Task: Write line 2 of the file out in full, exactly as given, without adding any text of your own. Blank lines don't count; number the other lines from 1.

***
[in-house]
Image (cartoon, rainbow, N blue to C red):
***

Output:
Image (cartoon, rainbow, N blue to C red):